NASA fuelling moon rocket for launch after leaks, hurricanes

While engineers never pinpointed the cause of the escaping hydrogen, they altered the fuelling process to minimise leakage and were confident that all the plumbing in the 322-foot 98-metre rocket would remain tight and intact.NASA added an hour to the operation to account for the slower fill-up, vital for reducing pressure on the fuel lines and keeping the seals in place.


PTI | Capecanaveral | Updated: 16-11-2022 07:24 IST | Created: 16-11-2022 07:24 IST
NASA fuelling moon rocket for launch after leaks, hurricanes

NASA began fuelling its new moon rocket on Tuesday for a middle-of-the-night launch, its third try to put an empty capsule around the moon for the first time in 50 years.

Fuel leaks plagued the first two attempts in late summer, then a pair of hurricanes caused more delays. While engineers never pinpointed the cause of the escaping hydrogen, they altered the fuelling process to minimise leakage and were confident that all the plumbing in the 322-foot (98-metre) rocket would remain tight and intact.

NASA added an hour to the operation to account for the slower fill-up, vital for reducing pressure on the fuel lines and keeping the seals in place. It seemed to work, with no major leakages reported during the early stages.

''So far, everything is going very smoothly,'' said assistant launch director Jeremy Graeber about an hour into fuelling.

The rocket was being gassed up with nearly one million gallons (3.7 million litres) of super-cold hydrogen and oxygen. After more than four hours, the core stage was fully loaded and fuelling was underway on the upper stage.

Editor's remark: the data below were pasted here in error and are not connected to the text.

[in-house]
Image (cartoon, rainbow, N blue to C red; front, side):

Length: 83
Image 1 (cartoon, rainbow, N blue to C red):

NASA expected 15,000 to jam Kennedy Space Centre for the launch in the wee hours of Wednesday morning, with thousands more lining the beaches and roads outside the gates. The space agency had two hours to get the rocket off, before standing down until Saturday.

The debut of the Space Launch System rocket, known as SLS, had three test dummies but no astronauts inside the crew capsule on top, which NASA hoped to put into lunar orbit.

This first test flight was expected to last three weeks, ending with a splashdown in the Pacific. NASA's top priority for the USD 4.1 billion mission is to verify the capsule's heat shield during re-entry, so four astronauts can strap in for the next moonshot in 2024. That would be followed by a two-person lunar landing in 2025.

NASA last sent astronauts to the moon in December 1972, closing out the Apollo programme.

(This story has not been edited by Devdiscourse staff and is auto-generated from a syndicated feed.)

Give Feedback